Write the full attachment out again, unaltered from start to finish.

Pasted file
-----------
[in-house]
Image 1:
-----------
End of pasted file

[in-house]
Image 1: